Getting your own wheels may be something you want to tick off your list for the year. However, from the moment you announce that you are buying a car, you will receive a bucket load of credible and questionable advice on how to go about it. Here are three myths to dodge to bring you one step closer to purchasing a car.
Your safest bet is to get a car at a dealership
When it comes to buying a car the first thought that most people have is to head to their nearest dealership to secure their new wheels. According to the Royal Commission, 39% of cars were financed through a dealership.
Purchasing a car on the used car market or privately can raise many questions which are only fair of you to ask, but it is also possible to get a good deal when you put in the research, running backgrounds, and compare your options. There are pros and cons that come with purchasing a car at a dealership that you need to be aware of before finally settling. Not all dealerships offer a great deal or have your best interest at heart.
Buy before closing time
Everyone wants a good car deal that can help them save in the process. Buying before closing time is a myth similar to that of buying a car during a rainy day in an attempt to lock in a good deal with a sales agent who desperately wants to close and go home. You may have angled this idea, but don’t be surprised to find many agents are willing to take their time when it comes to securing a deal. Waiting for the closing time could also work against you as this means you are taking away from the sales agent's time to go home. The last thing you want to do is deal with a grumpy sales agent.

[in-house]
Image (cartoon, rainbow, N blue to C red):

A low sticker price means you have a better deal
The common mistake that some car buyers make is to focus on the sticker price or the low monthly repayments that they will be making when they take out finance. This can be misleading and could also lead to costly mistakes. It is vital to look beyond the price tag or the low payment. For example, you may have spotted a great deal for a car that is worth $30,000 but without considering the 7.1% interest rate that comes with it over the loan term you could end up paying $35,940 over a 5-year loan term.
Check other factors that will have a lasting impact on your repayments such as the interest rate, ongoing fees and charges on your car loan. Always remember to compare your options to get the best deal that is suitable for you. You can also make use of a car loan calculator that will give you an estimate of how much you will be paying throughout a loan term.